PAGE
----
The Reuters article leads with the story of a Chinese manufacturer that cut prices to the point where it would lose money on every sale but did so to avoid having to immediately shut down the company and terminate all its employees. This Chinese manufacturer likely chose to sell at a loss because it believes the CCP will keep increasing subsidies to the point that it can again be profitable.

Per Reuters, and per exactly what our China manufacturing lawyers have been seeing in China:

“Companies cut product prices, then staff salaries. Then consumers won’t buy – this could be a vicious cycle,” he said. Profits at China’s industrial firms fell 2.3% last year, adding to the 4% drop in COVID-hit 2022. An official survey showed manufacturing activity contracting for a fourth straight month in January, while export orders shrank for a 10th month.

For Lin [a Chinese factory owner], that has meant the $1.5 million order his client placed was 25% below a similar one last year. It was 10% below production cost.”

The China Desperation Price

Think about the above for just a moment. A foreign product buyer was able to get product for $1.5 million that cost its Chinese manufacturer $1.65 million to produce. In other words, it was able to buy product from a Chinese manufacturer at less than it costs its Chinese factory to make it. Low prices from China have for decades been referred to as “The China Price” but what should we call product prices that are below the cost to manufacture the product? I’ve started calling it the China Desperation Price.

“China Desperation Price”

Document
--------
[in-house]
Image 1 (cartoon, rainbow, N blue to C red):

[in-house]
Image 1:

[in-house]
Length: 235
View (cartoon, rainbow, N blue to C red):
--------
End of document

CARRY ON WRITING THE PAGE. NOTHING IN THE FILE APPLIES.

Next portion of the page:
Now is The Time to Lower Your China Product Costs

If you’re thinking it’s time you got a similar price reduction from your Chinese factory, all I can say is, well yeah.

But Negotiating Lower Prices from Chinese Factories is Risky

Negotiating for lower prices with your Chinese manufacturing partners requires you tread carefully. Chinese factory owners are feeling the pressure of losing customers to other countries and they have become increasingly cautious of foreign companies moving their production elsewhere. Any hint that you may take your business to another country if your prices are not lowered can put your operations at risk.

If you approach your Chinese factory with an ultimatum — such as insisting on a 40% price reduction or threatening to go elsewhere with your business — you could trigger a damaging response from your Chinese factory. Chinese factories, wary of losing more business, could interpret this as a sign that you are already on your way out of China, which can complicate your relationship and your negotiations.

In How to Move Your Manufacturing Out of China Safely we wrote about the risks that often befell foreign companies when it becomes known that they plan to leave China: